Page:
The 7-year-old girl, known today only as “M.D.” in court records, had just endured an unspeakable tragedy. Her mother, JoAnn Tate, had been murdered before her eyes and M.D. and her little sister, age 4, had been gravely wounded in a sadistic sexual assault in the Hyde Park neighborhood of north St. Louis. M.D.’s uncle was the first person to reach the crime scene and he found M.D. hiding under the covers of her bed. “Who did this to you?” he screamed. “Bill,” she replied. It was April 27, 1982.
M.D. and her sister both required immediate surgery and extensive hospitalization. Waiting in the emergency room later that day, M.D. told a social worker about the crime scene and again identified her mother’s killer as “Bill.” At the same time, she told an older sister the same thing. While at the hospital, the 7-year old told detectives that “Bill” drove a white Volkswagen and lived in Illinois with his drunk mother. M.D. told her uncle that “Bill” had recently moved or travelled to Hollywood, that he “had black hair all the way to his ears,” and that he had been to their apartment three days prior to the murder to fix her mom’s car.
The police aggressively questioned the little girl during her hospital stay. They showed her many photographs but she identified no one, reiterating only that “Bill” had committed the crime. A few weeks later, in May 1982, they brought a sketch artist to her hospital room. By this time, M.D. had told the police that her assailant resembled a man named Dennis Smith, a friend of her uncle. When the sketch artist drew the sketch, however, the uncle told the police that the sketch resembled a man named Rodney Lincoln, who had had a brief affair with Jo Ann Tate about a year earlier and who lived about 11 miles from the crime scene.
Now the police ratcheted up their questioning of M.D., while at the same time giving her candy and spending time with her, buying her dinners and ice cream. They were, she said three decades later under oath, “like dads.” Around this time, one of these “dads,” a detective, told her: “We got a magic door downtown… and we have to go look through this magic door and see if you can find the bad man. If we get the wrong man, we let the bad man go.” Then the detective, to whom M.D. had grown close, showed her two photos.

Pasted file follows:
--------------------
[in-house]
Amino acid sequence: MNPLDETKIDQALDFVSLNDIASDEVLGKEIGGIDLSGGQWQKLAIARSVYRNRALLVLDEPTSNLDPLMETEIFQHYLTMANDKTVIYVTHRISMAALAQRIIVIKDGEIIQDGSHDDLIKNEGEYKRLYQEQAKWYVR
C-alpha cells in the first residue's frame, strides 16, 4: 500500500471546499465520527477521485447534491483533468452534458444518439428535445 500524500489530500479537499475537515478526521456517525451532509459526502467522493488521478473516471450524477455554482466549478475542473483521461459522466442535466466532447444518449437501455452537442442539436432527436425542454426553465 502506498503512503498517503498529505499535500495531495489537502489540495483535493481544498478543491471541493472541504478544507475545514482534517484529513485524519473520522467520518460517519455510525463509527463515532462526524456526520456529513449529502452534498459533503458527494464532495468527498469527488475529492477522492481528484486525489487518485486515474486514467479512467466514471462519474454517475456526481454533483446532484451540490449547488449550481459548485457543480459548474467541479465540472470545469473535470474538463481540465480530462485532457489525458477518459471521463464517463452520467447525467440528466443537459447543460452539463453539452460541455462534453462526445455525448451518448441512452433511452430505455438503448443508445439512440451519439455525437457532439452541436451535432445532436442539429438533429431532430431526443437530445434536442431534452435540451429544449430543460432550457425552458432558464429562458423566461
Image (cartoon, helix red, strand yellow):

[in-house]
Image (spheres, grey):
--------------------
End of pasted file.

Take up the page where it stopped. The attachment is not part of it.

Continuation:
One photograph was of a man M.D. had known as a member of her older sister’s extended family. The other photograph was a mugshot of Rodney Lincoln. The detective told her “that the man who had murdered my mother was in the pictures and I had to pick out the bad man or he would go free. I picked the photograph of Rodney Lincoln,” M.D. would say in her testimony decades later, adding that she did so to please the “dads” who had spent so much time with her following the attack.
Within two hours, Lincoln, a man with a criminal record, had been picked up by the police and placed into a lineup with three other men, each of whom was much younger than him and with bushier hair. None of the other men resembled Lincoln or the sketch from which M.D. had identified him. M.D. identified Lincoln at this time although her younger sister, who also had been attacked, did not identify anyone. Based on the identification, the police were confident they had their man. But they still weren’t confident that M.D. would say so again, at trial, under oath, before a jury.
L incoln was charged with capital murder and assault. There was M.D.’s identification and one bit of physical evidence that prosecutors said linked the defendant to the crime; a pubic hair sample taken from the room that an expert said matched Lincoln’s DNA. Lincoln’s lawyers defended their client by offering an alibi. They said he had been with his mother and girlfriend on the night of the attack and then showed up at work, on time, the next morning for his delivery job. His boss said he noticed nothing amiss.